# Assign a unique ID to the new user.
sudo dscl . create /Users/sftpplus UniqueID 299
# Assign this account to the dedicated group.
sudo dscl . create /Users/sftpplus PrimaryGroupID 299
# Disable shell access.
sudo dscl . create /Users/sftpplus UserShell /usr/bin/false
# Make sure it has a default empty home folder.
sudo dscl . create /Users/sftpplus NFSHomeDirectory /var/empty
# Disable password to block any authentication request.
sudo dscl . create /Users/sftpplus Password '*'
# Initialize blank password and authentication rules.
sudo dscl . delete /Users/sftpplus PasswordPolicyOption
sudo dscl . delete /Users/sftpplus AuthenticationAuthority

You need to adjust the ownership of the files, otherwise some of the functionality (logging and saving configuration changes) will not work:

cd /Library && chown -R root:admin sftpplus
cd /Library/sftpplus && chown -R sftpplus configuration/ log/ run/

At the very least, SFTPPlus needs read access to all the files under /Library/sftpplus, but in a typical installation it also requires write permission to the log/ subdirectory (for logging) and the configuration/ subdirectory (for saving changes to the running configuration). If running at all times under an unprivileged account, write permissions to the run/ sub-directory holding the PID file are needed as well.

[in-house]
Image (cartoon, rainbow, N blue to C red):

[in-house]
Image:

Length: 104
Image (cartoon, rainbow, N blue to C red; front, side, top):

2.5.6. Init system configuration for macOS

The next step is to configure your operating system to automatically start SFTPPlus on boot.

For macOS systems, you can use the example launchd job definition provided with SFTPPlus. The job definition file is formatted as XML, and it is called a property list file or 'plist'. Edit this file with your favourite editor, e.g. vi:

vi bin/sftpplus-mft.plist

The sample job definition file assumes that SFTPPlus is installed in the /Library/sftpplus directory. Depending on where the job definition is stored, it will be treated as a daemon or an agent. In order to have SFTPPlus act as a global daemon, launching each time the macOS system starts, you need to copy it in the appropriate place:

sudo cp bin/sftpplus-mft.plist /Library/LaunchDaemons/sftpplus.plist

After the file is copied, you need to instruct launchd to load/read the new job definition file using the command:

sudo launchctl load /Library/LaunchDaemons/sftpplus.plist

Note

During startup, the launchd process will scan and automatically load job definitions found in the /Library/LaunchDaemons directory.